The Herbert F. Johnson Museum of Art is hosting the first public display of portions of three abstract murals from Roosevelt Island’s Goldwater Memorial Hospital, which was demolished in 2015 to make way for the new Cornell Tech campus in New York City.
The murals, by Ilya Bolotowsky, Albert Swinden and Joseph Rugolo, were created in the early 1940s and later covered over by paint. Before the hospital came down they were located and removed for conservation. All three will have a home on the new campus, on the site where the hospital stood just south of the Queensboro/59th Street Bridge.
The artworks were commissioned by the Works Projects Administration’s (WPA) Federal Art Project in the early 1940s. As part of President Franklin D. Roosevelt’s New Deal, the WPA agency commissioned more than 200,000 works between 1935 and 1943, as a relief measure for artists and artisans who created art for municipal buildings and other public spaces.
“Abstraction in WPA art was so rare, and it was only in the New York City area they could slowly push to get this kind of art passed through; otherwise it was heroic or historical figures,” said exhibition curator Nancy Green, the museum’s Gale and Ira Drukier Curator of European and American Art, Prints and Drawings, 1800-1945.
Goldwater opened in 1939 as the Welfare Hospital for Chronic Disease (home to several hospitals, Roosevelt Island was known as Welfare Island from 1921 to 1971). The sprawling chronic care facility’s closure, announced in 2010, came at the end of 2013 after nearly 800 patients were relocated to other facilities.
Originally installed in Goldwater’s circular day rooms, the 7-by-50-foot murals were first painted over in 1957 and bore seven layers of paint by 1991, when the Municipal Art Society spearheaded an earlier restoration on Bolotowsky’s 1942 “Abstraction.”
The Swinden and Rugolo canvases were still covered by paint and had to be located in 2014 by conservators, who searched the hospital’s 32 circular day rooms, carefully scraping away paint with scalpels.
“With the pressure of getting these things out, the conservators had to move really fast,” said Stephanie Wiles, the Richard J. Schwartz Director of the Johnson Museum.
Affixed to the walls with paste containing lead, the murals were extremely heavy when they were rolled up and removed; conservators wore protective clothing and headlamps, due to hazardous materials and the building’s power having been turned off.
The Bolotowsky mural is slated for reinstallation in The Bloomberg Center – in honor of Emma and Georgina Bloomberg, Cornell Tech’s first academic building, opening in summer 2017. One percent of the building’s overall budget is dedicated to art, and the mural will be reinstalled in a circular room similar to the one it originally occupied in the hospital, Wiles said.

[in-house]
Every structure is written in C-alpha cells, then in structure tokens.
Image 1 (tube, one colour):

The Swinden and Rugolo murals will go into storage awaiting future buildings, she said.
The museum provided expertise, recommending conservators for the project, “helping them through a fairly complicated process of getting these things off the wall and out in time,” and working with the city’s Public Design Commission. “It was known all along that Cornell was going to protect these murals – technically they belong to the federal government, and the city gave us permission to bring them here,” Wiles said.
Conservation work continues on other mural sections while the Johnson shows the conserved pieces through May 29. “Revealed: WPA Murals from Roosevelt Island” includes information on the artists and the conservation process, and display cases featuring the hospital’s history and the new campus.
Also shown are proposed but unrealized WPA projects for Goldwater, and photos of another abstract work that was completed but later disappeared. The fate of this fourth mural, “Abstraction Based on Music” painted by Dane Chanase (1894-1975), remains a mystery.
“It’s really a shame, because it’s really fantastic,” Green said. “There’s tons of documentation of it, there are pictures of him doing it, but the supposition is that instead of just painting it over, at some point it was removed.”
Helen Im of Fine Arts Conservation Group, who worked on the Bolotowsky mural, will discuss the artwork and the conservation effort, March 10 at 5:15 p.m. in a free public lecture at the museum.